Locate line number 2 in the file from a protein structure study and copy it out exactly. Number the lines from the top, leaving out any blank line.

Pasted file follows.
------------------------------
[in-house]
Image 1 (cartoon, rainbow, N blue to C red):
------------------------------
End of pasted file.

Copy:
Image 1 (cartoon, rainbow, N blue to C red):